57.

    Slovenia

    615 480 +3 660 +0.59% 30.73%
    58.

    Switzerland

    2 341 180 -137 600 -5.88% 30.71%
    59.

    Portugal

    3 247 000 +245 580 +7.56% 30.24%
    60.

    Grenada

    32 240 +700 +2.17% 29.90%
    61.

    Lebanon

    1 228 600 +249 120 +20.28% 29.78%
    62.

    Czech Republic

    3 010 340 +50 360 +1.67% 29.51%
    63.

    Andorra

    24 920 -4 340 -17.42% 29.48%
    64.

    Croatia

    1 309 120 +34 240 +2.62% 29.18%
    65.

    Saint Vincent and the Grenadines

    30 160 -13 380 -44.36% 28.94%
    66.

    Seychelles

    25 140 -4 440 -17.66% 28.46%
    67.

    Venezuela

    7 739 100 +186 020 +2.40% 28.43%
    68.

    New Caledonia

    64 460 -3 000 -4.65% 28.34%
    69.

    Greece

    3 025 260 -3 180 -0.11% 28.14%
    70.

    Austria

    2 297 880 +18 220 +0.79% 27.97%
    71.

    Estonia

    352 660 +35 520 +10.07% 27.31%
    72.

    Colombia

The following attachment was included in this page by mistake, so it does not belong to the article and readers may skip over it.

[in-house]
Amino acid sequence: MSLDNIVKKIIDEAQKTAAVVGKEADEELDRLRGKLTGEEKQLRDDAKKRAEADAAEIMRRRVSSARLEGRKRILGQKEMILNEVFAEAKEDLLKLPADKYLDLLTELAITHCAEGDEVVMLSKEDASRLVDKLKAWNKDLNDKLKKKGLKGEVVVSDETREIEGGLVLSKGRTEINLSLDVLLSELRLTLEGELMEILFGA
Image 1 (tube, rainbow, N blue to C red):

12 071 960 +293 740 +2.43% 27.31%
    73.

    Bulgaria

    1 939 340 +180 180 +9.29% 27.13%
    74.

    Hungary

    2 661 040 +327 400 +12.30% 26.63%
    75.

    Dominica

    19 300 +5 580 +28.91% 26.51%
    76.

    Guadeloupe

    117 680 -40 880 -34.74% 26.50%
    77.

    Spain

    12 294 860 +60 640 +0.49% 26.44%
    78.

    Liechtenstein

    9 040 -1 360 -15.04% 25.83%
    79.

    Martinique

    104 860 +9 260 +8.83% 25.82%
    80.

    Costa Rica

    1 164 880 +95 100 +8.16% 25.79%
    81.

    Maldives

    96 240 +7 060 +7.34% 24.32%
    82.

    Lithuania

    858 900 +76 420 +8.90% 24.23%
    83.

    San Marino

    7 060 -1 880 -26.63% 22.43%
    84.

    Philippines

    22 316 340 +3 251 300 +14.57% 22.34%